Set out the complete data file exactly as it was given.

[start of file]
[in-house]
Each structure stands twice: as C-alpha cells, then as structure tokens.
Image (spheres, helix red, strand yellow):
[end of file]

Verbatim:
[in-house]
Each structure stands twice: as C-alpha cells, then as structure tokens.
Image (spheres, helix red, strand yellow):